Background: The burden of cardiovascular diseases (CVDs) is much more pronounced in Eastern Europe, a spatial gradient within Europe still exists. However, former studies showed a significantly lower CVD mortality of German repatriates from the Former Soviet Union compared with the German population. Methods: All-cause, CVD and ischemic heart disease (IHD) standardized mortality ratio (SMR), IHD standardized incidence ratio and annual age-standardized mortality and acute myocardial infarction (AMI) incidence rates were calculated in a retrospective cohort. Time trends were investigated by loess regression. Results: A total of 6378 German repatriates were observed from 1990 to 2010, accumulating 92 149 person-years. We observed a lower all-cause mortality [SMR = 0.86 (0.75, 0.98)] in females and CVD mortality [International Statistical Classification of Diseases and Related Health Problems, version 10 (ICD) 10: I00–I99; SMR = 0.82 (0.65, 1.03)] and IHD mortality (I20–I25) [SMR = 0.84 (0.60, 1.15)] in males. In contrast, AMI incidence was significantly higher in male repatriates [standardized incidence ratio = 1.30 (1.02, 1.65)]. Whereas in the general population, mortality rates of CVD, IHD and AMI incidence have continuously decreased over time, the pattern in the repatriates was not as clear. In male repatriates, mortality rates seemed to be lower after immigration and remained rather constant. Incidence rates possibly exceed Germans rates by now. Conclusions: A possible historical repatriates’ IHD advantage shown in former studies has disappeared. The increasing AMI incidence in (male) repatriates might demonstrate the delaying onset of the impact of changes in the CVD risk profile due to migration. Health politics and the health system should be sensitized and take care of the development of IHD mortality and AMI incidence among the repatriates.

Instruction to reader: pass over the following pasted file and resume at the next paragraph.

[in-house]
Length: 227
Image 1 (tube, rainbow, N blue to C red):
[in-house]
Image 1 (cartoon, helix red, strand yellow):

Background: Smoking during pregnancy has been declining in the past decades in high-income countries, including Sweden. Paradoxically, increasing trends associated with duration of residence have been reported among immigrants. We aimed to clarify how these two contrasting trends have shaped smoking patterns among immigrants. Methods: We conducted a population-based study of 1 598 433 pregnancies in Sweden in the period 1992–2008. We used multinomial logistic regression to estimate the odds of mild and heavy smoking relative to no smoking associated with year of delivery, years since migration, maternal region of birth and their interaction, after controlling for potential confounders. Results: The prevalence of smoking decreased for the Swedish-born and for immigrants during the study period. Among immigrants, duration of residence was independently associated with increases in smoking and varied according to maternal region of birth (P-value for interaction <0.001). The odds ratio associated with a 10-year increase in duration of residence was weakest for mild smoking among former Yugoslav women (adjusted odds ratio; 95% confidence interval: 1.10; 1.04–1.17) and those from other Nordic countries (1.22; 1.17–1.26) and strongest for heavy smoking among East African (4.46; 3.23–6.16) and sub-Saharan African (3.56; 2.68–4.72) women. The association between duration of residence and smoking was attenuated after stratifying by cohorts of arrival among European but not among non-European immigrants. Conclusions: Declines in smoking during pregnancy among immigrants from various regions of the world were differentially affected by opposite increasing trends throughout their residence in Sweden.